"The sad reality is that, in a world increasingly dominated by individual greed ... the water sector has become the biggest fraud story in the UK," one analyst told AFP.
Fears Britain's largest water company is teetering on the brink of collapse, repeated strikes on ailing railways, households hammered by sky-high electricity and gas bills: the UK's vital sectors are in crisis, decades after controversial privatisations.
Under the Conservative governments of Margaret Thatcher and John Major, state-owned companies were broken up and sold off to the private sector in the 1980s and 1990s.
The move brought new investment but also huge executive bonuses, shareholder dividends and massive debts.
Debt-ridden Thames Water, the company managing the water supply of the London area, announced on Monday it had raised €880 million from its shareholders.
But the company, whose financial stability worries even the British government, has a debt of nearly €16 billion.
The Conservative government said in June it was ready for any scenario, amid concerns the largest water company in the UK may go under.
Serving 15 million customers in and around the British capital, Thames Water - along with other water suppliers - has also repeatedly hit the headlines in recent months for dumping raw sewage in the country's waterways.
According to the press, officials are working on an emergency plan that could allow - if necessary - the state to regain control of Thames Water.
Such renationalisation would carry a high cost, yet the idea is popular with the electorate. A 2022 YouGov Poll found that most Britons believe that trains, water and energy should sit within the public sector.
Delays and cancellations
The right-wing Conservatives have long favoured privatisation.
However, the opposition Labour Party have jettisoned plans to renationalise water, energy and the Royal Mail postal service, though they still plan to bring the railways back under state control.
"It's easier for the rail sector because it's already largely nationalised," Hugh Willmott, professor at the Bayes Business School in London, told AFP.
Britain's railways have in fact not been fully privatised, with private operators given state funds to run and upgrade their services.
Some claim that the large bonuses these companies pay to their shareholders amounts to a transfer of taxpayer's money to private individuals.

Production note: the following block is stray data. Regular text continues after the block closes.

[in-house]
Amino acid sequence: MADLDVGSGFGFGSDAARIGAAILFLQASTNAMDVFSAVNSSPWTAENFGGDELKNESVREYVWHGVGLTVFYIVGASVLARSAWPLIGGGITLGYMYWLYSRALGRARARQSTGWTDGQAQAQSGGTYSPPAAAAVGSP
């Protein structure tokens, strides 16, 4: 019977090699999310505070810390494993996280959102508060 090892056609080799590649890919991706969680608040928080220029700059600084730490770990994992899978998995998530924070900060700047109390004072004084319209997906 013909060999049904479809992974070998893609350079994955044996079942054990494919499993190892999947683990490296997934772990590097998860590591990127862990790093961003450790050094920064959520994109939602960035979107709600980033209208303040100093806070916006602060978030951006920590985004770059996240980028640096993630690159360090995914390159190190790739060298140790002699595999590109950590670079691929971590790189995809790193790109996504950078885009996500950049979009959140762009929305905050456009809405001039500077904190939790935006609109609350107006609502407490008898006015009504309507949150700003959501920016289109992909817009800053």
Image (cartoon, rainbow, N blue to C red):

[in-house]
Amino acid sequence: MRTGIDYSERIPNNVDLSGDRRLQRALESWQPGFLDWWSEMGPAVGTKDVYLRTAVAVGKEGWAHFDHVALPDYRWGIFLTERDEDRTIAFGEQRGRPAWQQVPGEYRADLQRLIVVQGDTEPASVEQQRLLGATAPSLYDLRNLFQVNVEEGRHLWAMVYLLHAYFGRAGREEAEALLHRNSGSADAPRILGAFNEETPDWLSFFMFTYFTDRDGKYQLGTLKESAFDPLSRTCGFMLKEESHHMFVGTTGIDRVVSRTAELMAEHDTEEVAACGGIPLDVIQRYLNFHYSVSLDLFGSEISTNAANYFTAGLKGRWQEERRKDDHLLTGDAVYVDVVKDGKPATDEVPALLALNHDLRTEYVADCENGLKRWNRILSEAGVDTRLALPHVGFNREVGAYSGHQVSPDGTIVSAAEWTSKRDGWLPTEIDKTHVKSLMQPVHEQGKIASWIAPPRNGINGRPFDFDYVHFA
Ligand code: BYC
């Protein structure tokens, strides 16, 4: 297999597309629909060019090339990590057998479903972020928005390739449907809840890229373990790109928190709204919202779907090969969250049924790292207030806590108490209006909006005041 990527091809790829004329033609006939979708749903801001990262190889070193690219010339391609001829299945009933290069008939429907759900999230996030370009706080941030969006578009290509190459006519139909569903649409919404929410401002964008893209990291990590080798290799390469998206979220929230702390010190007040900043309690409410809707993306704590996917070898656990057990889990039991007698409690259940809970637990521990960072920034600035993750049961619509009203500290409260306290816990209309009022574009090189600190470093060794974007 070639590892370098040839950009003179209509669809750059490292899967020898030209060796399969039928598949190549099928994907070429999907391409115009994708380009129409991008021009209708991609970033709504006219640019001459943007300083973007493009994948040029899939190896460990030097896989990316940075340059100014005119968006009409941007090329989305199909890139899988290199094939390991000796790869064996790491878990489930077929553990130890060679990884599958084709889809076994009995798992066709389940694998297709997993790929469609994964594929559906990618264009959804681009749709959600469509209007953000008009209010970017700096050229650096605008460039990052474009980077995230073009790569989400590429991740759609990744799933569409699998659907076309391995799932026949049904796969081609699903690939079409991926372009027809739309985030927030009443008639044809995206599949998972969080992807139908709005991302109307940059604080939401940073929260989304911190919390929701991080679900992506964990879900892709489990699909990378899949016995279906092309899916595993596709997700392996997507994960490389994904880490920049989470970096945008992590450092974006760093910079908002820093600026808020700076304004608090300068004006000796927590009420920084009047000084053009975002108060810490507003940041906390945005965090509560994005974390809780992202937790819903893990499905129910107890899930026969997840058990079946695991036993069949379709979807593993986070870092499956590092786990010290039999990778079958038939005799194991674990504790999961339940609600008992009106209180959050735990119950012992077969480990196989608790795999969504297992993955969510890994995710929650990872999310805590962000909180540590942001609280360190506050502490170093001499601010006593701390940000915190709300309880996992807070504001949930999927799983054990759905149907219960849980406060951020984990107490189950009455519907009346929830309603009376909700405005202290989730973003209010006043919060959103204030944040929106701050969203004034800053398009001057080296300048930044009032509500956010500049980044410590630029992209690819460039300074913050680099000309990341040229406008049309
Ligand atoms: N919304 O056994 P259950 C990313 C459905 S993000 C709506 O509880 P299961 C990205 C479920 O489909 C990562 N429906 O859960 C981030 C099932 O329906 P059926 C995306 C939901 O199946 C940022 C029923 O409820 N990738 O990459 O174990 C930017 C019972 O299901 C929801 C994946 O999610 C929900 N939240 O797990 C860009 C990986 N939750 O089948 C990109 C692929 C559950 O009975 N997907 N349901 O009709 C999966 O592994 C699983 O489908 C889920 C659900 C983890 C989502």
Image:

Authorities have also implemented temporary renationalisations of certain poorly managed operators. In May, they took control of the TransPennine Express, operating in northern England and parts of Scotland, amid multiplying delays and cancellations.
The impact of privatisation on public companies has been denounced by several unions, while rail workers, medics and postal workers have walked out in recent months over pay and conditions.
One vital sector remains under state control: the UK's National Health Service (NHS), which has just celebrated its 75th anniversary, but is facing a deep crisis too.
Speaking to Euronews in January, experts said staff shortages - compounded by Brexit - and chronic underfunding have helped bring the service to its knees.
"When it was privatised in 1989... the water sector was hailed as a success of the privatisation programme under Thatcher," independent analyst Howard Wheeldon told AFP.
"The sad reality is that, in a world increasingly dominated by individual greed, ... the water sector has become the biggest fraud story in the UK," he continues.
"In 34 years of privatisation, water bills have skyrocketed."
Meanwhile, water companies racked up more than €70 billion in debt over the period.
Water companies are also under fire for dumping large quantities of sewage into rivers and the sea, amid a lack of investment in the country's water system that dates back to the 19th-century Victorian era.
While water companies are privatised in England, the situation differs in other parts of the UK, where they are not-for-profit.
Some have argued that privatisation helps reduces money for investment by channelling profits to shareholders.
“Would nationalisation, itself a long and expensive process, be an improvement over better regulation of the private sector?” asks Professor Len Shackleton of the pro-free trade think tank The Institute of Economic Affairs.
"Certainly, the costs would be reduced if no dividends were paid. But public borrowing always has a cost. (...) Do not believe that nationalisation is the panacea", he warned.